U.S. Mothers’ Long-Term Employment Patterns

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This is a paper in the Motherhood Penalty literature.


Killewald, Alexandra, and Xiaolin Zhuo. "US mothers’ long-term employment patterns." Demography 56, no. 1 (2019): 285-320.


To show the patterns of employment for mothers in the NLSY79 after they've had their first child


This paper shows a long-term perspective of employment patterns for 18 years after the birth rather than using just the immediate year or two after a woman has a child or a cross-sectional look at earnings after birth. It also uses a technique have not seen before, a sequence analysis, which allows for a grouping of somewhat desperate patterns into broader characteristics makes for a really nice way of describing the employment patterns


Mothers earn less than non-mothers; women earn less than men. This is an analysis that is very much descriptive but is very well done

Data & Key Variables

This uses the NLSY79, years 1979 to 2014. They have 3465 women, which is a good example for NLSY.  They also use several some samples married women or women who have had a pre-birth employment observed, but the base sample is 3465


They use a sequence analysis. They define a month-by-month employment sequence and then create dissimilarity matrix that measures how different any two sequences in the data are from each other and create clusters of those sequences. They end up with 5 clusters which they defined as full-time, part-time, early return, late return, and not employed. They can categorize each woman into one of those clusters which makes for a really nice way of describing the data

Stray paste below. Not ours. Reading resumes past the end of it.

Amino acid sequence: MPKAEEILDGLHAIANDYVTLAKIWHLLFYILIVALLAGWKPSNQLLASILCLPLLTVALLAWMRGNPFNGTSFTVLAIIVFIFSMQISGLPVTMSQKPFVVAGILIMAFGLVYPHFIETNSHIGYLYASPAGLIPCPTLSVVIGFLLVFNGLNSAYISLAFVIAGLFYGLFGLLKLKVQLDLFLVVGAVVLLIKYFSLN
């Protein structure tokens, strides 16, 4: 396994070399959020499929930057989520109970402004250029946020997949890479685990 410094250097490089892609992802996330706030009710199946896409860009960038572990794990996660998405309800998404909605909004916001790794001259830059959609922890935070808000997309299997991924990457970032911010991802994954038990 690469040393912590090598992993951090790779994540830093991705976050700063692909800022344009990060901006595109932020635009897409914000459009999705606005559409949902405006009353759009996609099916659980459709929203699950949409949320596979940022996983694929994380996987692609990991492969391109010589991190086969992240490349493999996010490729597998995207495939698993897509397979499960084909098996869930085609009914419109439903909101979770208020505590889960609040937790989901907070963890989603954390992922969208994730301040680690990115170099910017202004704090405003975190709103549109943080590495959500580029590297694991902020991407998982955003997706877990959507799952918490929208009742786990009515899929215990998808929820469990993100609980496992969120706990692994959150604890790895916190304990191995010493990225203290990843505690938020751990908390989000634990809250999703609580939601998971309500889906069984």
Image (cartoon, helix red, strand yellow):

They find that 36% of their mothers are full-time after their first child is born, 13% are part-time, 21% are non employed, 15% return to the workforce after about six years and 14% return after 11 years of non-employment. They then look at the correlates of being in each of these groups using multinomial logit. They find that the full-time group is split between advantage and disadvantage. The disadvantaged have to work, they are low income, more likely to be a minority, less likely to be married.  The advantaged choose to work, possibly because the opportunity cost of not working is too high. They have a high pre-birth work intensity and earnings, are older at the time of first birth. The early return group that returns after 6 years have low human capital, low earnings and are more likely to be married. The part-time group is married, white, relatively high education - people who can choose work/life balance. The non-employed group tended to be not very attached the labor force even before they had a child and have their births earlier.